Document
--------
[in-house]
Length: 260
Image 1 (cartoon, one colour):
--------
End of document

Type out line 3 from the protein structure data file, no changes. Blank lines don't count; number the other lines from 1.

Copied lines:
Image 1 (cartoon, one colour):